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Throwback Products We Love: Paper Notebooks

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Could an empty screen ever have the same pull as a blank page?

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What's more full of promise -- false or otherwise -- than a fresh notebook? Microsoft (MSFT) Word might offer more conveniences and be a necessary evil for the modern writing professional, but an empty computer screen feels less liberating than page after blank page of soft, creamy vellum.

At least, that's how it works for a certain segment of the population, most notably the obsessive global fan base of writers, graphic
designers, illustrators and aspiring creative types who buy, fill and fetishize Moleskine notebooks. It's tempting, given the level of obsession displayed by their admirers, to call Moleskine a cult, but since the company's purchase by European private equity investors Syntegra Capital in 2006, the elegant, slim black notebooks and their ever-expanding line of variants have become so ubiquitous in airport bookstores, museum gift shops and other vaguely upmarket retail points that cult doesn't cut it. With sales of 10 million notebooks and planners and other products in 2009, Moleskine is approaching mainstream, while still, so far, holding onto its original artsy appeal.

"The notebook of Van Gogh, Picasso and Hemingway," goes the carefully-worded, slightly dodgy Moleskine back-story, told wherever the notebooks, sketchpads, planners and other models are sold. When you buy a Moleskin, you aren't just buying something to scribble down notes that won't break if it falls on the sidewalk or drops in a bath, won't run out of battery power or freeze at inopportune moments – you're buying something with the potential to hold profound thoughts, aphorisms, sketches towards your masterpiece. That's the aspirational magic that Moleskine notebooks weave in the minds of their consumers, and it's why they sell against nearly identical competitors priced at a quarter of their cost.

The original moleskines were manufactured by a family-owned Tours firm for Parisian stationary stores. Simple but profoundly functional, with rounded corners that slipped easily into pockets, an elasticized band that held them closed against the elements and an inner pocket for notes and receipts, they were doted upon by their users. In his classic 1986 book Songlines, the much-loved British travel writer Bruce Chatwin told the story of his addiction to the French notebooks, and of his dismay upon learning from his usual rue de l'Ancienne Comédie papeterie that the Tours firm had ceased production after the death of its owner. He ransacked Paris, buying every remaining one he could find.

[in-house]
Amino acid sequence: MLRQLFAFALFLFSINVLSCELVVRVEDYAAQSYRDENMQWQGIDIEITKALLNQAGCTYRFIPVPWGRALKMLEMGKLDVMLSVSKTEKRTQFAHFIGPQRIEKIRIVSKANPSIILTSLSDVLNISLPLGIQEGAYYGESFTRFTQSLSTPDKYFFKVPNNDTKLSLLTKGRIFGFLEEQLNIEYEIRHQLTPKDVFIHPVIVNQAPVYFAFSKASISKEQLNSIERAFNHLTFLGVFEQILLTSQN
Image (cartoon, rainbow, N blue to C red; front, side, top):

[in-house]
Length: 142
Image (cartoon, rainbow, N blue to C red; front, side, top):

And that was it – les moleskines c'est fini! -- until, inspired by Chatwin's anecdote, the 13-person Milan-based company Moda & Moda registered the Moleskine trademark in 1997 and produced a small run of 5,000 notebooks. By 2006, the tiny company was selling 4.5 million notebooks in Europe, Japan and North America. It was too much success for Moda & Moda to handle. "Moleskine is growing very quickly and it is becoming too big for us," Moda & Moda head Mario Beruzzi told the Daily Telegraph that year, "We do not have the capacity to follow it through."

In stepped Syntegra Capital, an off-shoot of Societe Generale's SG Capital Europe, who specialize in purchasing exactly these sorts of mid-level brands, buffing them up with globalised corporate capital and connections and then selling them off at hopefully great profit. They picked up Moleskin for 62 million Euros at the end of 2006 and have been successfully re-engineering the brand for multinational success since. The recession didn't hit it in the slightest, though there has been ongoing controversy from some of its fan base about the fact that most Moleskine production is based in China. For the long Chinese tradition of excellence in paper materials, says Moleskine. For the cheap Chinese labour, say critics.

For there's plenty of Moleskine backlash out there. For all the fan sites, Flickr (YHOO) streams and Moleskine hacks-and-tips collections in which fans treat the notebooks like they were some sort of iPad (AAPL) or something, there are many observers who see Moleskines as overpriced, overpraised and over-romanticized: the Apple Computers of the non-digital world. As Stuff White People Like points out in its laboriously snippy entry (#122) on the Moleskine phenomenon, "one of the strangest side effects has been the puzzling situation whereby a white person will sit in an independent coffee shop with a Moleskine notebook resting on top of a Apple laptop. You might wonder why they need so many devices to write down thoughts? Well, if a white person has a great idea, they write it by hand, if they have a good idea, it goes into the computer."

Syntegra, which has announced no intentions to sell quite as yet, is leading the company far away from the original little notebook Chatwin once described, as it seeks the kind of diversification and lifestyle branding appeal so successful in other marques with Moleskine's bespoke appeal. They increasingly sell hybrid products aimed at that confused café-dweller described above, such as the Folio Digital Tablet Cover, a $57 iPad case with a built in Volante notebook pad.

Some of the original fans, less and less able to buy into the mythology of "Hemingway's notebook," may drift away, but more and more mainstream consumers remain to be seduced by the Moleskin's rich analogue pleasures and, most importantly, air of possibilities.
No positions in stocks mentioned.
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